A farmer in Mid-Canterbury says it could take weeks to clear about 100 trees that have fallen on his property due to strong winds.
Rebecca Miller is a shareholder in Ealing, just south of Ashburton.
More than 70-year-old trees have been cut down, he said.
“It was horrible, the whole house was shaking with thunder and lightning as well as wind, the children were a little scared.
“There are a lot of trees around the house.
We had to come to Ashburton to get a big chain to cut them all.
He said his farm had blown up an entire forest plant under the road, which had cut off electricity.
Miller said it was a relief that his home was not damaged but that he had difficulty accessing his stock.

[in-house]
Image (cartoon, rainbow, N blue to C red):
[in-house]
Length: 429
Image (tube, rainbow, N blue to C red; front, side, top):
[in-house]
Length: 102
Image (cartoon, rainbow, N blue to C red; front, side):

“After the first wind we had to clear it within a day because we had about six hectares of land that needed to be fed, but on Sunday with the second wind there are more trees down so we had to go to them. So it has to be cleaned up again. “
Neighboring fields have also been damaged, with some losing their axis of irrigation, he said.
“When we went to Ashburton, we saw some axes that had been blown up, so it would take a while to repair them so they could go back and forth.”
David Clark, president of Mid-Canterbury Federated Farmers, said Sunday’s weather was not as bad as predicted, but the damage to the axes was a problem.
“There are limited parts of the country and it can take months for farmers to repair with delays in delivery,” he said.
Ashburton dairy farmer Chris Ford said he could keep his axle straight by hitting his tractor and truck.
Miller said strong winds have created more work for Canterbury farmers since the May floods.
“It’s important that people remember to check in with their neighbors,” he said.